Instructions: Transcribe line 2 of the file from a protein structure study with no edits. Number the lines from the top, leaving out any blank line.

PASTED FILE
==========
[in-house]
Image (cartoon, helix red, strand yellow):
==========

Image (cartoon, helix red, strand yellow):